HOUSTON -- Eugene Wilson joined the New England Patriots with the wide-eyed excitement of any rookie. That lasted exactly one game.\nAfter spending all of training camp -- all of his life, really -- learning to become an NFL cornerback, the Patriots switched Wilson to safety just after the season started. From then, it was back to work trying to learn a position he had never played before.\n"They told me the day after the Buffalo game -- my first game," Wilson said. "At first, I thought it was a joke."\nIt wasn't. It was his introduction to life under Bill Belichick, and Wilson gave the exact answer the coach was looking for.\n"I said, 'All right, as long as I'm going to be able to get out there and help us win,'" Wilson recalled this week. "Coming in as a rookie, I was looking forward to playing corner. The thought of safety never crossed my mind. It happened, and I took it for what it was and tried to make the best of the situation. I feel like it turned out pretty well."\nIt sure did.\nThe Patriots are in the Super Bowl with a defense that allowed the fewest points in the NFL this season. Wilson tied for the rookie lead with four interceptions while starting the last 15 games of the season -- all of them at safety.\nIn that sense, Wilson was the picture of stability: only Tedy Bruschi stayed in one place the whole season, and even he has to change positions when the Patriots switch from an alignment with three lineman to one with four.\n"You have to be kind of versatile to play in this system," linebacker Willie McGinest said as the Patriots prepared to play the Carolina Panthers. "That's what makes us a good, sound group. Everybody depends on everybody else to do certain things. When you think we are going to do one thing, we can switch and do something totally different."\nAnd sometimes, no one is more surprised than the Patriots themselves.\n"I had no idea what to expect," said Dan Klecko, a defensive tackle who has played four positions on defense in addition to special teams and a few downs here and there as a fullback. "Coach Belichick, he likes to simplify things. But they did throw linebacker at me, fullback at me and all special teams. So I was a little surprised."\nBelichick is considered a defensive guru, with schemes that rely less on superstar talent than the kind that can be plugged into roles where they're needed. Linebackers Bruschi, McGinest and Mike Vrabel were all lineman at some point in their careers, so they are equally comfortable in the pass rush and pass coverage.\n"We are interchangeable players," Bruschi said. "We all started at college playing defensive end. We all have that on our resume. ... You know that you will play more than one position."\nThe Patriots' coach insists he doesn't fixate on versatility, but it is an advantage to go into games knowing that he has options. It's not as if he decided, 'Well, you know, we've got Mike Vrabel, and here's eight things we're going to do with him,'" he said.\n"He's a very smart and versatile guy. Mike's one of those guys, when you give him something to do, it's like he's been doing it for a while," Belichick said. "You can tell he's comfortable doing a lot of different things, and he enjoys it."\nThat versatility also allows the Patriots to switch their alignment without having to substitute players. Not only does it make it easier for the defense to react to offensive switches, it can also make it difficult for the opponent to figure out what the defense is doing.\n"Everybody looks at Bill Belichick and they see a lot of different stuff with the way he uses personnel, changing up. People wonder what he'll come up with in two weeks of preparation," Panthers receiver Mushin Muhammad said. "That's ... what Bill Belichick can do to confuse teams. He has the track record."\nThe Patriots like to play up the team concept -- they declined individual introductions before the Super Bowl two years ago -- and on defense it's easy to see why.\nNose tackle Ted Washington clogs up the middle to open up space for the other defensive linemen. Cornerbacks Ty Law and Tyrone Poole cover their men so well that the safeties are free to blitz. Everyone else moves around where they're needed.\n"Football is the ultimate team sport. We believe that," player personnel director Scott Pioli said. "Individuals go to Pro Bowls, and teams win \nchampionships"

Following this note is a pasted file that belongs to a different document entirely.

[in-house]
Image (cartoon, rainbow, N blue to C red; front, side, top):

EAST RUTHERFORD, N.J. -- Standing in his goaltender's crease during a morning skate, Martin Brodeur saw his New Jersey Devils teammates coming toward him, and he kicked out his leg.\nA dull thud echoed through the empty Continental Airlines Arena as the slapshot hit off his pad.\nIt was another routine stop for Brodeur, who is following his first Vezina Trophy-winning season with a spectacular campaign. He is again among the NHL leaders in wins and goals against average, and his 10 shutouts are six shy of breaking Tony Esposito's 34-year-old single-season, modern-era record.\nPitino returns after two-day medical leave\nLOUISVILLE, Ky. -- Rick Pitino returned to Louisville on Thursday and resumed his coaching duties after a two-day medical leave.\nThe 51-year-old Pitino underwent tests at the Cleveland Clinic on Tuesday and Wednesday to determine the cause of a "urological pain" that's persisted in his left side for months.\nAssistant coach Kevin Willard stepped in for Pitino and led the fourth-ranked Cardinals to a 64-48 win over Houston on Wednesday night.\nPitino was not available for comment Thursday but was expected to discuss his medical condition in a news conference Friday, sports information director Kenny Klein said.\nThe Cardinals (16-1) play Marquette on Saturday at Freedom Hall.\nBaseball approves Dodgers sale\nLOS ANGELES -- The $430 million sale of the Los Angeles Dodgers from News Corp. to Boston real estate developer Frank McCourt was unanimously approved Thursday by baseball owners.\n"Welcome to a new era of Dodger baseball," McCourt said during a news conference at Dodger Stadium. "I intend to restore the glory days of Dodger baseball with a team worthy of support from our fans."\nThe price is the second-highest for a baseball team, trailing only the $660 million paid for the Boston Red Sox two years ago. The highly leveraged purchase, likely to be finalized within a week, probably will set off the third change in management in six years for the marquee franchise, which hasn't advanced to the playoffs since 1996.\n"The Dodgers are one of our great franchises," commissioner Bud Selig said in a telephone interview. "We need stability there. We need a lot of energy. Having an unresolved ownership situation was, frankly, hurting the franchise"